Motions for reconsideration may be brought pursuant to
Rules 59(e) and 60(b) of the Federal Rules of Civil Procedure
and Local Rule 6.3.
See Wilson v. Pessah, No. 05-CV-3143, 2007
reconsideration is appropriate when the moving party believes
repackage and relitigate arguments and issues already considered
by the Court in deciding the original motion.
See United States
v. Gross, No. 98-CR-0159, 2002 WL 32096592, at *4 (E.D.N.Y. Dec.
5, 2002) (“A party may not use a motion to reconsider as an
Lehmuller v. Inc. Vill. of Sag Harbor, 982 F. Supp. 132, 135
Reconsideration may only be granted when the
Court did not evaluate decisions or data that might reasonably
Wechsler v. Hunt Health Sys., 186 F. Supp. 2d 402, 410 (S.D.N.Y.
II. Defendants’ Motion
arguments: (1) the Court overlooked the Second Circuit’s rule
that the challenged conduct that gave rise to the class action
must be the same as that giving rise to the class member’s
subsequent claim in order to apply American Pipe tolling, and
(2) the Court overlooked the fact that the challenged conduct
that gave rise to the AMA class action was not the same as the
challenged conduct giving rise to Plaintiffs’ First and Second
Causes of Action.
(See Defs.’ Br. for Recon., Docket Entry 64Br.
Defendants’ attempts to frame these matters as issues that the
Court overlooked, Defendants have not, in fact, set forth proper
grounds for reconsideration.
Rather than bringing matters to the Court’s attention
that it has overlooked, Defendants attempt to re-argue issues
that have been raised and briefed with the Court on multiple
In their reply in further support of the motion to
dismiss, Defendants set forth both the American Pipe tolling
doctrine and their asserted application of the doctrine.
example, Defendants stated “it is well-settled that the American
Pipe tolling doctrine does not apply where the claims asserted
by the putative or opted-out class member are not substantively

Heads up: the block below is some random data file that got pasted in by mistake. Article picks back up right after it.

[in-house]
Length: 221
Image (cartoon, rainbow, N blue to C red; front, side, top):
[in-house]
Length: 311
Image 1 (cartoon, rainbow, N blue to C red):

similar to those asserted in the class action.”
Br. to Dismiss, Docket Entry 32, at 2.)
They went on to assert
that “the AMA Complaint is vastly different from Josephson’s
Specifically, the AMA Class Action did not assert
any claims on behalf of the Provider/Physician Plaintiffs Class
for benefits that United allegedly improperly denied under the
Plans (Plaintiffs’ First [and] Second . . . Causes of Action) .
. . .”
(Defs.’ Reply Br. to Dismiss at 2-3.)
Then again, in
their supplemental briefing following the September 2012 Order,
Defendants reiterated that “[t]he American Pipe tolling doctrine
conduct’, and facts giving rise to the claims asserted in the
member are the same . . . .’”
(Defs.’ Supp. Br., Docket Entry
50, at 4 (quoting Cullen v. Margiotta, 811 F.2d 698, 720-21 (2d
Cir. 1987)); see also id. at 6 n.7 (distinguishing the instant
case from Cullen because the instant action involves distinct
allegations of “wrongful conduct” from those in the AMA Class
They further argued that Plaintiffs “admit that their
different ‘challenged conduct’ than the alleged conduct at issue
reasoning for such argument.
(Defs.’ Supp. Br. at 5.)
Contrary to their assertions, the Court neither overlooked the
differences in the challenged conduct between this case and the
AMA Class Action.
In arguing that this Court overlooked the
Second Circuit’s rule, Defendants cite to the Cullen case.
Defs.’ Br. for Recon. at 5-6.)
However, the July 2013 Order
contains explicit citations and references to Cullen, and indeed
the Court cited that case for the proposition that American Pipe
tolling applies “whenever the alleged wrongful acts giving rise
to the claim in both the class action and the subsequent lawsuit
are the same . . . .”
(July 2013 Order at 10 (citing Cullen,
811 F.2d at 720 (emphasis added)).)
Thus, the Court not only
considered Cullen, but cited to it for the exact proposition
that Defendants maintain the Court overlooked.
Nor did the Court overlook anything in its application
that, whereas the alleged challenged conduct in the AMA Class
underpayment, the challenged conduct in Plaintiffs’ First and
determinations made by Defendants.
(See Defs.’ Br. for Recon.
The Court considered and rejected this argument in the
articulated in the instant action and in the AMA Class Action
sufficient sameness to invoke the American Pipe doctrine.
the Court determined that the challenged conduct in both actions
pertained to allegedly improper determinations regarding amounts
to be paid.
(See July 2013 Order at 12.)
Moreover, the Court
found that, because both actions involved “the same services,
same patients, and same time period[s],” application of American
doctrine’s function, would preserve fairness, and would ensure
that Defendants would not be prejudiced.
(July 2013 Order at
Accordingly, Defendants’ motion is DENIED.
reconsideration of the July 2013 Order is DENIED.
/s/ JOANNA SEYBERT______
Joanna Seybert, U.S.D.J.
21 , 2014
Central Islip, New York